The Biggest Red Flag
But the very biggest red flag, far more ominous than anything revealed by the language, was the writer's incredibly blasé attitude towards meeting the person who would supposedly care for his son. (Or "Son," I guess.) He wrote: "we may not be able to meet in person, because i'm a very busy person; my neighbour would be the one who will be bringing him to the location which we will agree together; And please do not hesitate to tell me a little more about yourself and your experience; Please you still will have to guarantee me of taking proper care of my boy; I will like you to send me an email with a brief summary of your nanny experience or your resume. As well as some references if any. I also have a small interview for you if you are interested in the position." The "small interview" was a series of six questions to be answered via e-mail.
"Please do not hesitate to tell me a little more about yourself and your experience" - please do not hesitate ?? a little more about yourself?? Well, duh! Don't hesitate? That's a polite invitation. If I were the parent, I would more likely demand pertinent information, and a whole lot more than just "a little more." Sheesh! "Please you still will have to guarantee me of taking proper care of my boy" -- ummm, errr, Mr. Bronson, exactly how does this guarantee work? Will it be okay if I put it in writing? "I guarantee that I will take proper care of Josh Bronson." How's that? Or maybe it would be legitimate if I sign it before a notary public?
The last question of the "interview" was "Do you have any criminal records?" I was tempted to mention Neil Diamond and the BeeGees, although the writer might not understand the pun, living in a post-LP world. I also chortled quite a bit initially to think anyone would ask the question about criminality so blatantly. But then I remembered a favorite book, The Gift of Fear , and the author's recommendation to be precisely that forthright in asking the important questions of a potential childcare-giver in a personal interview, because the person's response could be quite informative. The key difference (to me) was that Dr. de Becker recommended the question in a face-to-face situation. In an e-mail interview it could certainly prove to be incredibly easy to cover up one's reaction to the question.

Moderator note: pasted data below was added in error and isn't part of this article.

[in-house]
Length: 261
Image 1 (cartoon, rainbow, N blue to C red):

Finally, before his signature, the writer included this: "I want you to send me your full name and your contact address, and your phone number." Oh yes, I'll bet you do. How about if we take a few more steps before I do that, Mr. Charles Bronson?
A Must-Have Book in Today's World
There was really no question in my mind that the ad for a nanny position was not on the up-and-up. Still, I live in an area where there are many residents from abroad, and I know that there are many different customs around the world with regards to childcare. The very slim possibility that this might be a legitimate posting from someone who knows little about US customs allowed me to consider proceeding one step further. But then, with so many red flags facing me, it was out of the question that I was still seriously interested in the position. It seemed almost certain that in some way or another it was a scam - but how? I sent off another e-mail to the new e-mail address that had been provided:
Dear "Charles Bronson":Regards, ---
The ad did sound quite attractive. I love children, I am very well educated, and I would welcome some additional income.
But your lack of interest in meeting with someone who will provide care for your son raises a major red flag for me. I cannot imagine anyone willing to do what you propose. I cannot imagine any parent who would permit a proxy to "hand over" their precious little child to someone else whom they (the parents) have never met and whom they are willing to pay $250/week.